Today, Apple is set to unveil its latest and greatest products to the swooning masses of Apple addicts everywhere of which I am, somewhat reluctantly, a part.
It’s anyone’s guess what will be revealed at Apple’s big event in Cupertino, but if the “surreptitiously” leaked photos (expertly timed to create a perfect crescendo of anticipation at just the right moment, I might add) are any indication, a new iPhone is likely to make an appearance. Rumors also suggest that Apple could revolutionize the techno-gadget industry once again with a new product, the iWatch. Not to take our eye off the ball, though, the most important product Apple may be unveiling is… drumroll… you guessed it, the new iPod.
Don’t everyone cheer for that at once.
Now, if that was the most deflating ending to a sentence you’ve ever read, good. I proved my point a few paragraphs early. But seriously, the iPod is pound for pound and dollar for dollar the greatest Apple product currently available and it may even be the greatest of all time.
The poor (or frugal) man’s iPhone
If you didn’t catch the utterly horrifying Mashable infographic by Avalaunch Media a couple years ago, allow me to summarize its findings: The $199 iPhone 5 you can buy with a two-year contract through your cell phone company actually costs around $1,800 when things are all said and done.
For those people who lie awake at night in a cold sweat deliberating the purchase of a $1,000 laptop that you hope and expect will last you longer than your iPhone (Yes.. me), $1,800 is staggering.
Enter the iPod 5
Nearly two years ago, I purchased the iPod 5. I shamefully admit it was actually a replacement for my Zune, but I digress. I bought it because I was going overseas for a year and I wanted a computer that would literally fit in my pocket. When you’re abroad and traveling light, a laptop or even a tablet is a physical and mental burden you don’t need. I knew I needed to have access to the outside world while wandering Sichuan or Northern Vietnam, but lugging my laptop around everywhere or leaving it behind in a shared hostel room both seemed like bad ideas.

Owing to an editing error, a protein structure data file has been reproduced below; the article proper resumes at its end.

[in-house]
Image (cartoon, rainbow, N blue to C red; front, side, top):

My iPod was the ultimate solution. As long as I had WiFi (everywhere in Southeast Asia), I effectively had a computer to access important news or emails. But actually, it was way more than a computer. As long as I had WiFi, my iPod was, for virtually all intents and purposes, a phone too.
A thinner, prettier, cheaper iPhone
Have an iPod and want to text your friends with iPhones? You have iMessage. Want to text your friends with other smartphone brands? You have any number of great free apps for that too. Want to call people or video chat? App, app. Want to post useless garbage on Facebook and Instagram? App, app. Want to devour precious time playing games like Candy Crush? App, sadly. Oh, and with 32GB of space, you might as well use your iPod’s very respectable camera (which is essentially the same as the camera in the iPhone 4S) instead of hauling around the eminently stealable ones you carry in your hand or hang around your neck.
For the last two years, whether living abroad or in the States, my iPod has been an absolute lifesaver. Yes, I don’t have GPS navigation and I can’t always access the internet from whatever earthly spot I happen to be at. But actually, I prefer it that way. And so does my wallet.
While there’s a lot of debate going on about whether Apple should finally put an end to releasing new iPods, I say they are more valuable now than ever. I for one am hoping, praying, and betting that Apple releases a new iPod this year. If they do, you can bet I will be walking the world with it. Who knows, maybe I’ll use the $1,500 in savings against the iPhone to fund my next plane ticket or ten.
Do the right thing, Apple.
[…] of production fit neatly into my front pocket. And yours too. It’s the supercomputers we call iPhones, Androids, and what have you—they are factories for producing just about […]